For the meatballs
600 g (about a pound and a half) ground lamb (lamb mince)
1 large egg
35 g (about an ounce and a half) ground almonds
A piece of white or wheat bread, crusts removed
1/2 large or one small sweet white onion
A handful of mint leaves, chopped
½ teaspoon sweet paprika
½ teaspoon cumin
½ teaspoon cinnamon
½ teaspoon coriander
½ teaspoon salt
½ teaspoon fresh-ground black pepper
25 g (about an ounce) sultanas (golden raisins), chopped (optional)
For the sauce
½ large or one small sweet white onion, grated to a fine pulp with a box grater
50 g (about 2 ounces) ground almonds
250-300 ml white chicken stock
½ teaspoon cumin
1 teaspoon sweet paprika
2 teaspoons honey
A generous pinch of saffron
Salt and pepper
For the garnish
1-2 tablespoons chopped mint leaves
Toasted slivered almonds (optional)
If you have a food processor, whiz together the onion, mint, ground almonds, and bread until blended. Add the egg, meat, seasonings, and sultanas (if using) and pulse a few times until combined, but not so much that your meat becomes paste. Perhaps, however, you’ve misplaced the blade attachment to your food processor in a recent move. In that case, prep by grating the onion against a box grater and finely mincing the mint and the bread on a board. Combine these with the remaining ingredients in a bowl and mix together well with your hands.
Form into firm balls about two inches in diameter by rolling between your palms. You can freeze whatever you’re not using right away. (Remember, when you want to cook them, don’t defrost, but rather brown directly in the pan before heating them through or you will wind up with soggy formless mush.)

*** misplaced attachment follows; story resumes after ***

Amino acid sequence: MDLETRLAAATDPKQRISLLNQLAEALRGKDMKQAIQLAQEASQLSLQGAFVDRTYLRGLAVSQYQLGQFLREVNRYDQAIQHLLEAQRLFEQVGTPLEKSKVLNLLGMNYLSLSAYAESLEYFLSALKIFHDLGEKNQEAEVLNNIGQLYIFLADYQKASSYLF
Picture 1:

To cook, glug some olive oil into a pan and arrange the meatballs in a single layer. Gently brown them by shaking the pan occasionally, about 7-10 minutes. Transfer the meatballs to a paper towel-lined plate.
To make the sauce, pour off most of the fat from the pan, and sauté the grated onions over medium heat until they become transparent. Stir in the ground almonds and cook, stirring frequently with a wooden spoon, until they become pale golden. Stir in the cumin and paprika and sauté for a few moments more, and then add the stock. Crumble in the saffron with your fingers and reduce heat to a simmer. Use a wooden spoon to break up any lumps and simmer for about 10 minutes more, to allow the saffron to bloom and the mixture to reduce slightly. Stir in the honey, and add salt and pepper to taste.